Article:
Would you ride in an open Gypsy in temperatures in excess of 50 degrees Celsius? With the sun threatening to burn everything in sight, and the desert sand piercing your skin like countless needles? In conditions half as harsh, my sanity would risk extinction. But not if I am on the trail of the tiger in the Ranthambhore National Park in Rajasthan.
One of the few forests in India where tigers still prowl, you can be almost assured of a sighting – but only if you venture out when summer is at its harshest. This is when water sources dry up, and animals come out in the open to water holes often filled by officials. And the dry vegetation makes camouflaging difficult. The roll of dice can still go against you, or you may be lucky like me –with seven sightings over a single weekend.
The opening act turned out to be the best – and a rare one at that. I spotted a male tiger, named T2 by the creativity deficient authorities, sitting by a water hole and a recently hunted langoor monkey lying in state three feet away. I was not more than ten feet away myself. T2 was waiting patiently, either for a guest or for the dinner bell to sound, when something in the water disturbed him. He slowly turned his head, looked for a few moments through the surface and then it was Pow-Wow in a flash. A poor turtle has floated in, and was probably the starter (or was it dessert) that T2 was waiting for. For the next many seconds, it was splashing all over as the turtle put up a brave fight. Before long, it was all tranquil again. The big cat had expectedly won, but it would be a while before he could carve the flesh out from under the hard shell. Witnessing a tiger in action live beats the most spectacular of hunts you would see on National Geographic.
It would be morally illegal to have a perfect trip, but I almost did. The following morning I encountered another male, T17 (these tigers will make someone pay for these disgraceful names), looking hungrily at a herd of deer around a small lake. He weighed his options, made some calculations, and was off like a shot – a yellowed silhouette of a torpedo racing through tall grasses at his target. But it turned out to be a dud. The chap could have done with some heat sensing technology, like the Scuds, to home into his prey. Before long, he wandered aimlessly and crossed in front of my Gypsy – a scrawny fellow looking malnourished. Needs to be a better hunter I guess. He also had what looked like a dog strap around his neck. T17 has a tendency to wander outside the reserve area – the installed tracker helps pull him by the ears right back where he belongs.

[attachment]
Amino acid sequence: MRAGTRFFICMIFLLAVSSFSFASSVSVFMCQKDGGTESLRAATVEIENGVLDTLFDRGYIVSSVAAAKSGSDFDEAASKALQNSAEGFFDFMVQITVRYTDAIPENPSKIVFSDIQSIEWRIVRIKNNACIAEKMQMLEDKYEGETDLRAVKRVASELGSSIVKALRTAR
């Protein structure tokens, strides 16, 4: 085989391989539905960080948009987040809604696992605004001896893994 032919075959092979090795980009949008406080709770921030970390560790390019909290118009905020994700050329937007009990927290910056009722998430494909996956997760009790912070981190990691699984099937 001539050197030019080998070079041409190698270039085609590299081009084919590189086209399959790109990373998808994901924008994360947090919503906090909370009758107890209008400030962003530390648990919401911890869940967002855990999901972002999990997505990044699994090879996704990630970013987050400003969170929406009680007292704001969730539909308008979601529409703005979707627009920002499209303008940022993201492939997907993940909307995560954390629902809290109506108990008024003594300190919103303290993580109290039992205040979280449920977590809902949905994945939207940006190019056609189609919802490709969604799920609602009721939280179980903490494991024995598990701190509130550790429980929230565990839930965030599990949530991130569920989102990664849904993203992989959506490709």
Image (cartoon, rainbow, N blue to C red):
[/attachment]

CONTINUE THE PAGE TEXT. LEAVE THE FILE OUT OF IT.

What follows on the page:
True to his reputation, he crossed the limits the same evening. I was driving around in my own car around the periphery of the forest when he ambled across on the road. Still looking for food. He finally settled for a stinking carcass in a baoli (stepwell) – certainly not a meal fit for a royal species. But times can be hard for anyone.
The most entertaining was a tiger cub – actually more like an overgrown baby. At three years, he looked much sturdier than the adult T17. And he has still to learn to hunt. I guess being fed by the mother does have its advantages. Still to be christened, let’s call him Baby T (where is my creativity now), he was lounging in the shade for hours at another water hole, probably waiting for his mother and sibling. A bunch of langoors must have known his teeth and claws carry no firepower yet – and took it upon themselves to tease him. Perched on a long branch above him, they danced and made noises at Baby T incessantly for hours. But our boy made sure he sent a message across – by looking back at them with snarling expressions as if to say, “It is just a matter of time before you guys will be on my plate. So stop monkeying around.” Despite waiting forever, the rest of the family failed to make an appearance for our entertainment.
And there was T40 (aargghh) sprawled behind a spiky bush – I was told he had an injured paw and could not move much. Doctors were on the way to get him back on his feet. Would have been nice had he made an clearer appearance for my camera. An unconfirmed anecdote was also doing the rounds while I was there: a villager was going through the forest recently in his donkey cart. T40 found an easy prey in the donkey and attacked him; instead of running for his life, the villager rushed to save the donkey. Both perished. Who says only donkeys can be dim?
But things were bright for me – I had managed to look tigers in their shining eyes. And lived (in the safety of my vehicle) to share the stories.
* Booking for safaris can be made online at http://www.rajasthanwildlife.in/ – always a good idea to do so in advance during peak seasons. There is an option of going in a canter bus (seating 20) or in a Gypsy (for 5); the latter is the better option.
* You can drive to Ranthambhore from Delhi – it is 400 km and takes 6-7 hours. Many trains also go to Sawai Madhopur, the town adjoining the park. For a driving guide, click here.
Note: This article was originally published in the Deccan Herald.
And do join us for a coffee at the Kunzum Travel Cafe in Hauz Khas Village in New Delhi, India.